The new prototype model mapped out in the report uses the basis of the WOT model but with more variables to develop new data and lead to more accurate target setting. These included socio-economic factors such as economic growth, recessions and average household size.

This, researchers hope, could help shine a light on both the unreported WEEE flows in second-hand markets, scrap recycling and residual waste and the varying product types, weight, design and lifespans.

The prototype model could also prevent waste crime, REPIC CEO Mark Burrows-Smith says. “In the UK, there’s a fractured WEEE dataset and it’s difficult to determine how electrical goods are being disposed of. Some routes are perfectly legal and traceable, while other routes sadly involve illegal activity.”

Not just the UK

As implied by the need for an “international” e-waste day, the problem is far from being a single-nation issue. Currently, only 41 countries currently collate computer recycling data. In 2014, the Basel Action Network (BAN) put GPS tracking devices in old hazardous electronic equipment including printers and computer monitors to see where they travelled across the globe. The results were concerning.

Instead of being recycled, 65 (32.5%) devices were exported overseas from America, most of them ending up in Asia where they were likely traded in violation of the laws of the importing countries. Of the 149 trackers delivered to recyclers, 39% were exported. The global waste watchdog group has repeated similar studies, with similar results.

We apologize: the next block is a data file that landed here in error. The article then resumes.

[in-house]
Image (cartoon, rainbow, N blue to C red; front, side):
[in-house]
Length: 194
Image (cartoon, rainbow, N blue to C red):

This is problematic in three parts. It creates an added risk to public health due to toxins produced during the recovery process; a huge loss to the economy from the waste of valuable materials; and an intensified distrust among consumers who already suspect their waste isn’t being recycled.

Next steps

REPIC’s report is therefore a welcome contribution to the continuing issues around how to get more transparency in the WEEE sector. But where do we go from here?

Downes says: “We’ve funded this first phase of work which has basically been a scoping exercise to develop the prototype. We have reviewed all of the available data from key parts of the industry and identified a way forward in terms of improvement to gather better data. We have also made an app for funds to complete the model and improve data gathering.”

The impetus for the report was a desire from across the sector to solve the WEEE problem and now Downes is hoping for a large engagement. She says: “The biggest piece of work is going to be engaging the key players in the sectors, a lot of products are going through the charity reuse sector so we need to understand their numbers.”

Downes and the rest of the team are now speaking with those who handle secondhand EEE or WEEE, while also looking into how to collaborate with other projects to encourage faith in the WEEE system and future targets.

Defra will decide on required collection tonnages in March, and it’s hoped the research uncovered by the report, plus contributions, will help to set more aspirational yet achievable targets for the future and lead to a more circular economy.